the contract for the new schoolhouse to be
erected at a cost of $23,990. The structure
will be more than fifty per cent, larger than
any school building yet erected in the county
outside of the city of York, but owing to the
simplicity of planning and design, the cost is
less, per pupil capacity, than that of any
modern schoolhouse in the county.

In 1873 Mr. Boyer was united in marriage
to Ella M. Blauser, daughter of Henry and
Amanda (Campbell) Blauser, and to this
union the following children have been born :
Harry, Edgar, Annie and Cora. Mr. Boyer
is a Democrat, and has served as justice of the



peace in Spring Garden township; also for
eight years as constable. In 1905 he was
elected councilman from the Twelfth ward, a
position for which he is excellently cjualified.
He is a member of St. Mark's Lutheran
Church of York, where he has held the office
of deacon. He and his family are well known
in York, where they reside in their fine resi-
dence at No. 958 East Market street.

SAMUEL A. McALISTER, one of the
old and honored residents of East Hopewell
township, York county, now retired from active
life, was for many years engaged as a carpen-
ter in that section, but in later years followed
agricultural pursuits. He was born on his
father's farm in East Hopewell township, July
2, 1833.

James McAlister, grandfather of Samuel
A., emigrated from Ireland to America when
a 3'oung man. The trip to his new home was
a stormy and perilous one, but, although the
last of the provisions on board were consumed
before the destination Avas reached, all landed
in safety. James M'cAlister took up about 400
acres of land, becoming a ViCry prosperous
farmer. His wife, who had been Ellen An-
derson, was also a native of Ireland.

John McAlister, son of James, was born
on what is now the Lewis Miller farm in East
Hopewell township, Jan. 29, 1780, and
throughout life was a farmer. He acquired a
farm close to his father's, and there he died
in 1846. He was a member of the Associate
Reformed Church, and when it merged with
the U. P. Church, joined the latter. A leader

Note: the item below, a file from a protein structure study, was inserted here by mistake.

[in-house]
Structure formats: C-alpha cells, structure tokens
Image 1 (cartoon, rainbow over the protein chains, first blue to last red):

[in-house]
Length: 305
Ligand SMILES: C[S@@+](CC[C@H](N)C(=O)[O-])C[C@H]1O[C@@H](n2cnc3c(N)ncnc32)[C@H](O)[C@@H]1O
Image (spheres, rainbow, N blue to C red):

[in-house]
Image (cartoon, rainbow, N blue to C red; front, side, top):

in religious work, Mr. McAlister was for many
3'ears an elder. In politics he was an active
Whig, and very influential in such matters.
Mr. McAlister was buried in the cemetery close
to his farm, where his wife was also interred.
John McAlister was married in 1809, to Miss
Jane Proudfit, born Jan. 12, 1788, daughter
of David and Agnes Proudfit, and she died
Feb. 5, 1845, the mother of the following chil-
dren: James, the father of W. N. McAlister
of Laurel, a full sketch of whom will be found
elsewhere; David, who died at the age of twen-
ty-four years; Agnes P., Mrs. William Gem-
mell (deceased) ; Thomas, who married Miss
Elizabeth Moore, of Washington county, Pa.,
and died in that county ; Eleanor A.. Mrs.
Simpson Smith, who died at Cross Roads,
York county; Martha, who died young; John,

born in 1825 (educated in the public schools,
the academy at York, Chanceford township,
Athens College at Athens, O., and in the Alle-
gheny Seminary and preached in the U. P.
churches in Eastern Pennsylvania and New
England and the Western States), who married
Maggie McClain of Shippensburg, Pa., and
they reside in Pittsburg; Elizabeth Mary, who
died May 16, 1899; Euphemia C, residing
with Samuel A., who was educated in the pub-
lic schools and the Stewartstown academy,
taught schools for three years, and is noted for
her remarkable memory; and Samuel A.

Samuel A. McAlister attended the Wallace
school, during winter terms, until his
eighteenth year. He was reared on the home
farm and at an early age commenced to learn
the carpenter's trade with Henry Hare and
finished his apprenticeship with James Gem-
mell. This vocation he followed for thirty
years in different parts of York county, and
also worked for one year at Alliance, Stark Co.,
Ohio. He lived at the homestead until 1864,
and then until 1871 resided in a rented house
near the Round Hill U. P. church. In 1870
he pui chased his present place of twenty-one
acres, upon which he built his residence, but
did not occupy it until the following year. In
1863, during the battle of Gettysburg, Mr. Mc-
Alister was a member of a Lancaster county
company, with which he served three months,
having enlisted in Lancaster City. He was
stationed along the river, at Harrisburg, Pa.,
Hagerstown, Md., and Williamsport, Md., and
at the end of his term of service was honorably
discharged at Lancaster City.

For the past five years Mr. McAlister has
been a member of the Hopewell Presbyterian
Church, prior to this having been connected
with the Round Hill U. P. Church for a period
of thirty years. He has been a life-long Re-
publican, and has served as a township official
on many different occasions. Besides having
been a farmer, during the active years of his
life Mr. McAlister was a business man of the